Airport Drive-In

Clarksville Street and Airport Road,
Paris, TX 75462

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Additional Info

Previously operated by: Interstate Theatres Inc. & Texas Consolidated Theaters Inc.

Architects: Jack M. Corgan

Nearby Theaters

Airport Drive-In

The Airport Drive-In was opened July 13, 1950 by the Interstate Theater Circuit of Dallas five miles south of Paris toward Mount Pleasant on Highway 271. The first movie was “Renegades” with Evelyn Keyes.

Claude Musselman had gotten the Airport Drive-In into the planning stages, but retired before it opened and was replaced by C. W. Moss as city manager for Interstate. Cecil Burch was first manager and the theater was equipped to handle over 500 fans loaded into automobiles.

The Airport Drive-In lasted 24 years going under in 1974. All that remained in 2007 was the old snack bar and marquee, no longer lit up with its Airport name. By 2021, that too had been demolished.

Contributed by Billy Holcomb / Billy Smith / Don Lewis

Recent comments (view all 8 comments)

Silicon Sam
Silicon Sam on September 28, 2009 at 3:40 am

This is the location, out by the airport. The Map link takes you several miles South of town.


jwmovies on September 1, 2012 at 7:57 am

This drive-in was located east of Hwy. 271 (Clarksville St.) on Airport Rd.

chad965 on June 17, 2013 at 8:56 am

The site is now a strip club. I believe the clubs sign is the original sign used for the Drive-In.

kaleyaramirez on April 11, 2017 at 1:49 pm

I follow theatres designed by Jack Corgan, but I’m wondering how this was added – where is the architect mentioned and how do we know?

50sSNIPES on August 18, 2022 at 4:15 pm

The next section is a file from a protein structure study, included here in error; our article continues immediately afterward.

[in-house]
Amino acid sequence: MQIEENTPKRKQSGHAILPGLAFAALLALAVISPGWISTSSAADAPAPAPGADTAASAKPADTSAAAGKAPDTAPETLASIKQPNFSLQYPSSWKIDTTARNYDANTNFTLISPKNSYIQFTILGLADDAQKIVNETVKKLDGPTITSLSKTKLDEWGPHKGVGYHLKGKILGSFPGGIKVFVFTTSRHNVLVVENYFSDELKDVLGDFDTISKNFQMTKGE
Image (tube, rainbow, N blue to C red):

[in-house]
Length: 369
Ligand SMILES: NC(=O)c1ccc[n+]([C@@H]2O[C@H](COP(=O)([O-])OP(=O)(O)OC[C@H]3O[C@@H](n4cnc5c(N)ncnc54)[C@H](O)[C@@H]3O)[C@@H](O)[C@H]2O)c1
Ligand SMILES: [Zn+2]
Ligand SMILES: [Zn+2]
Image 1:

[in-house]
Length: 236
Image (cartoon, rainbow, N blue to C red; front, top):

Information about the Airport goes as follows: The Airport was first operated by C.W. Moss and his Interstate Theatres chain, and was the fifth drive-in to open by the Interstate chain within the past two years with others being in Albuquerque, Tyler, and Abilene. Moss has been part of the Paris area’s Interstate chain since 1941. Moss had started to plan both on the installation and the theater shortly after traveling to Abilene for the opening of the Park Drive-In there in December 1949, although Paris already had the 271 Drive-In three miles north of Paris. The Airport Drive-In though was located a mile-and-a-half southeast of the city. The manager of the Airport was Caviness-native Cecil Burch (who was part of the army shortly before the start of World War II for one year and ten months) and the contractors for the theater were done by the J.R. Spencer Company of Fort Worth, nearly 110 miles away from Paris itself. Construction started four months prior to opening by J. Harvey Elder. On opening, two cartoons were featured on its grand opening day (July 13, 1950) before “Renegades”: Bugs Bunny’s “High Diving Hare” and Tom And Jerry’s “The Little Orphan”.

A couple of those participants are Raymond Willie, a superior of the Valley Theatres Incorporated chain and one of the leaders of the Interstate Theatres chain since the organization in 1918. Prior to his joining, he had been working at Fort Worth’s Hippodrome Theatre in 1916. Living in the metroplex, he was transferred to San Antonio in 1937 where he was charged in every single theater operated by Interstate; and Pat Hudgins, the supervisor of the Interstate chain since 1935, who had been in connection with the Interstate chain in Dallas, Denison, and Tyler.

Kenmore on August 19, 2022 at 12:13 am

A July 2022 Google Street View from HWY 271 shows the club has been torn down. There is no building on the property any longer.

However, the marquee still stands and the ramps along with the general outline of the drive-in remain.

davidcoppock on August 19, 2022 at 7:11 am

Also opened on 13th July 1950 with a Bugs Bunny cartoon(High diving hare) and a Tom and Jerry cartoon(Little orphan).

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